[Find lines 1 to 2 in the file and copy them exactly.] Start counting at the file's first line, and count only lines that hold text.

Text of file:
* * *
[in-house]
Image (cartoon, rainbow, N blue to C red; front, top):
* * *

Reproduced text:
[in-house]
Image (cartoon, rainbow, N blue to C red; front, top):